The factions of SPD, Greens and FDP in the Bundestag have agreed on details for the faster expansion of renewable energies. "Especially for wind energy and for the expansion of the power grid, we were able to agree on important measures to speed things up," said Green Party leader Katharina Dröge on Tuesday of the German Press Agency in Berlin. It is about the implementation of new EU rules, the implementation of which the Federal Cabinet had already decided at the end of January.
"The implementation of the EU emergency regulation will accelerate the modernization of the German energy infrastructure in an unprecedented way," said FDP parliamentary group leader Lukas Koehler of the dpa. SPD faction deputy Matthias Miersch explained: "In order to make us independent of fossil energy imports as quickly as possible, we are simplifying the approval and planning procedures."
A so-called emergency regulation was agreed at EU level in December. Central point: If there is already a strategic environmental assessment (SEA) in an area designated for wind power or power lines, the environmental impact assessment (EIA) and the species protection assessment can be omitted in the approval process for the approval of the individual plants.
Species protection still in view
According to the Green politician Dröge, the interests of species protection should continue to be taken into account. The expansion of renewable energies has absolute priority for the climate-neutral energy supply, she explained. Carbon neutrality means that all greenhouse gases must be avoided or stored.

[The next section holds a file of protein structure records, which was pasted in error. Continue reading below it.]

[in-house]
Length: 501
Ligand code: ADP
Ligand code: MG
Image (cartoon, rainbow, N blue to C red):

The federal government has set very ambitious goals for the expansion of renewable energies. Onshore wind power alone is expected to double from 58 gigawatts in 2022 to 115 gigawatts by 2030. However, the planning, approval and construction of a wind turbine currently takes an average of five to seven years.
The FDP MP Köhler emphasized that "extremely lengthy planning and approval procedures" have not only regularly prevented the achievement of expansion targets for renewables, but also the construction of the necessary grids, without which additional wind and photovoltaic systems often cannot be used sensibly can become. At the insistence of his parliamentary group, the new regulations now also apply to energy storage and distribution networks. "It is unfortunate that the EU regulation currently only applies until mid-2024. However, I hope that the last word has not yet been spoken."
SPD representative Miersch drew a parallel to the rapid construction of terminals for the import of liquefied natural gas (LNG). "The new pace in Germany that we showed at the LNG terminals is now the blueprint for the energy transition."
According to the Greens, the traffic light factions are hoping for a quick adoption in the Bundestag in the current week, so that the Bundesrat can agree this Friday and the new regulations can come into force in mid-March.